Tag Archives: UXO

Lost Magazines on the Beach, and We aren’t talking Cosmo

The National Park Service’s Gulf Island National Seashore– which includes a number of coastal defense positions and Third Period forts (Barrancas and Pickens) around Pensacola, Florida as well as Fort Massachusetts on Ship Island off Gulfport– has closed a section of Perdido Key.

The reason? Almost 200 19th century shells, some still live.

Via NPS: 

Following Hurricane Ida, military munitions were discovered near the far end of the seashore’s Perdido Key Area. This event has resulted in a temporary closure of the area, with an abundance of caution should there be additional undiscovered munitions still buried.

The area where the munitions were found is closed and marked with signs. Visitors walking or boating in this area are prohibited from entering. Staff will be monitoring and patrolling the area regularly.

“The park continues to monitor the area for newly discovered munitions and will secure the site(s) should any be found in the future,” said Darrell Echols, GUIS Superintendent. “Our goal is to ensure that the area is safe for the visitors and staff, and that cultural resources are protected.”

More than 190 cannonballs were detonated in September within park boundaries with help from other federal agencies. No more unexploded ordnances have been identified. Munitions found within national park boundaries are considered cultural artifacts and are protected by law. It is illegal for the public to harm, deface, damage, or remove these items.

It’s a shame that some of the shells weren’t saved, as surely not all were live, but I guess the NPS has enough on hand for their exhibits. Plus, if they would have said some weren’t dangerous, you can bet the would-be collectors would be sifting Perdido Key until all the Sea Oats were gone and the key itself washed away.

However, as someone who has grown up in the shadow of Vicksburg, Port Gibson, and the Battle of Mobile Bay battlefields, I can vouch that there are hundreds of old shells on mantles across the Gulf South– many still with fuzes.

Not saying it’s the safest thing in the world, and I wouldn’t recommend it, just making a statement that they are more common than you think.

Mine closure

Yup, seems to be a MKB training mine that was left unswept after an excercise 13 years ago that caused the hubub around Seattle this week.

From U.S. Navy Region Northwest:

The Navy conducted additional analysis on Tuesday’s incident involving an unknown mine in the Puget Sound and subsequent detonation at 8 p.m.

It was determined the mine was from an exercise Naval Undersea Warfare Command, Keyport conducted in 2005. This exercise was an opportunity for academia to demonstrate various Unmanned Underwater Vehicles and their capability to detect underwater objects and avoid submerged obstacles.

During this exercise, inert training mines were placed in areas between Brownsville, Keyport, and Bainbridge Island. Only a small number of the training mines were positively buoyant. Not all training mines were recovered.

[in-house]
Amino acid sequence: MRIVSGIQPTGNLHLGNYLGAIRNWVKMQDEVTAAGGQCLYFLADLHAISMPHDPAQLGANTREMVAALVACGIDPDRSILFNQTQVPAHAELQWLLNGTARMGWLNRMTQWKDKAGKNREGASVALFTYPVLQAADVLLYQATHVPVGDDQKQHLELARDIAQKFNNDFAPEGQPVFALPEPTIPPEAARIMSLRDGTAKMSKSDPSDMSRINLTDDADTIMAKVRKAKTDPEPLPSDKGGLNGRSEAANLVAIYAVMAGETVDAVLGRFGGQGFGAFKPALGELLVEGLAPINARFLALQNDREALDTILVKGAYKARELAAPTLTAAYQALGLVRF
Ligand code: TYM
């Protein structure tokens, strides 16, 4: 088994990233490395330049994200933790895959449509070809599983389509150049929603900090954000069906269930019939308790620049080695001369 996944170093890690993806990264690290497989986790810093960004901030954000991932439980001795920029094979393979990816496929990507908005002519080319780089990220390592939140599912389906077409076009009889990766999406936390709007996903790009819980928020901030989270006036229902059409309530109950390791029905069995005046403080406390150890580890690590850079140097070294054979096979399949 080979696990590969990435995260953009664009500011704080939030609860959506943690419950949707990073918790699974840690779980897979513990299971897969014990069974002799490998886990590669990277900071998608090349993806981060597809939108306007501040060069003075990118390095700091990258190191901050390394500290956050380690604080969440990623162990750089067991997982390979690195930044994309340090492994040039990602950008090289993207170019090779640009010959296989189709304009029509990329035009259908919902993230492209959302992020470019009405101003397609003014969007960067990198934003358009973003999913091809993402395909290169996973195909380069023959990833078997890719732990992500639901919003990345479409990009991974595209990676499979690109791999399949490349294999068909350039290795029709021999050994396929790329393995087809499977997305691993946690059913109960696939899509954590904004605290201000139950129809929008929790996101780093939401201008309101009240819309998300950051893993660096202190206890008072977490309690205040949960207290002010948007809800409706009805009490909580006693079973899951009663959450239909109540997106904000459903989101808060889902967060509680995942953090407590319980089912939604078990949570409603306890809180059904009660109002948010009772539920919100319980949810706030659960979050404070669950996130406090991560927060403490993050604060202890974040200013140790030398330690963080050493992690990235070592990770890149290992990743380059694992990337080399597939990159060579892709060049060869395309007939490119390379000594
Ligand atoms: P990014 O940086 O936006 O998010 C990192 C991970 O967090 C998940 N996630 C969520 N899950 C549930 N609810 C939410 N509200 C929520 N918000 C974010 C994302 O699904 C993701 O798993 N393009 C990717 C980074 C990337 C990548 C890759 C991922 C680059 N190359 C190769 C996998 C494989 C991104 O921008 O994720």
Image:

It has been confirmed the device destroyed Tuesday was a positively buoyant, inert training mine used during the 2005 exercise.

In order to avoid similar incidents in the future, the Navy will survey the exercise areas and recover any remaining positively buoyant mines.

By request of the State of Washington in the interest of public safety, Navy Explosive Ordnance personnel safely disposed of the device that appeared to be a dated military mine in waters between Keyport and Bainbridge Island, Washington.

The device was detonated at 8:04 p.m. (Tuesday).

The detonation did not create a secondary explosion which indicated the device was inert.

The Navy thanks the following partner agencies for their support in the response: The U.S. Coast Guard, the Suquamish Tribe, State of Washington, Kitsap County, and the National Oceanographic and Atmospheric Administration.

In Alaska, if you find some piece of weathered metal, dont pick it up

 

716th EOD

“If you don’t know what it is and it gives you any concern or suspicion, take a picture of it, leave it and call police,” Pratt said. “If you don’t have a camera, don’t go get one and go back.”

Not all residents heed this warning. Military officials have found people using heavy artillery from World War II as doorstops, displaying it on mantels and storing it in attics.

In June 2013, someone called authorities after having second thoughts about a purchase at a Wasilla estate sale — two white rusted mortar rounds, said 1st Lt. Steve Latulipe with the ordnance company. The Kodiak Daily Mirror reported in 2010 that a 600-pound bomb was on display outside of Jim’s Diamond Bar in Kodiak for years with “U da bomb” inscribed on its casing.

In both incidents, military professionals destroyed the explosives.

Pratt said he has never heard of anyone going to court for possessing an old war weapon.

“Generally, there’s a whole lot of amnesty,” he said. “We’re just trying to get it off the streets.”

As the dirt wears away, explosives begin to surface. Last summer, a couple walked the beach at Point MacKenzie and found a foot-long, 75- millimeter-wide artillery round. Pratt and two other soldiers responded, stopped air traffic for 15 minutes and blew up the artillery piece, sending a smoke plume more than 70 feet into the air.

“To the untrained eye it would just look like a rusty piece of pipe,” he said.

Read more about the work of the 716th EOD Company at JBase Elmendorf-Richardson here